Flacq Market, Mauritius


Fat Fruit & Chilli Cakes

Honda Hero bikes buzzed like dragon flies, sari’d women shielded the sun from their faces with glorious coral coloured umbrellas, street hawkers sizzled the air with deep fried chillies, samosas and gateaux piment sold from carts and wooden framed glass cabinets. Older women squeezed fruit as only mature women know how, testing for ripeness. Flax woven baskets bloated with market vegetables and men rapped the price of their bitter gourds, potatoes, young fresh ginger and tomatoes and aubergines, all shining like semi-precious jewels. Long stalks of lemon grass lay elegantly alongside freshly cut forests of mint and coriander. Each stall announcing its produce via our noses, long before our arrival. Freshly cut pineapple swirls glistened whilst pears, apples and pomegranates pouted in unison, tempting passing traffic to bite a chunk. Boys called from their ice cold vats of whole milk flavoured with Mauritian vanilla and almonds, quenching hard working market shoppers.

The human currency in Mauritius is the white flash of teeth in a broad smile. Warmth without agenda, with a colour spectrum ranging from deep molasses to milky chai. Mauritians are a blend of East Africa and generations of indentured Indian sugar cane labourers, installed during British occupancy post French colonisation. English is spoken with a French creole accent.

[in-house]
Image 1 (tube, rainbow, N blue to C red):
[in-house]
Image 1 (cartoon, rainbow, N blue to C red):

Flacq market

The market in Flacq on the East coast of Mauritius is a capsule collection of Mauritian life, men in their Sunday best standing eating at the same street food stalls alongside less gentrified market traders. Markets are a great leveller for social blending, after all if you want the freshest, tastiest fruit and vegetables where do you go? So park the temptation to visit a ‘cultural show’ when travelling, if you want to see a country’s personality visit the market.

We drove back alongside the Eastern coast road, whipping past fields packed with swaying sugar cane ready for the twice yearly harvest. Set against lush dense mountains, banana trees fronted the gardens of Lutyens style bungalows reminiscent of New Delhi’s white washed vernacular. Gardens led to palm fringed honeyed beaches whose shores welcomes the intrigues of the beguiling Indian Ocean, stretching across three continents, maybe Twain’s words are true, “You gather the idea that Mauritius was made first then heaven; heaven being copied after Mauritius.”

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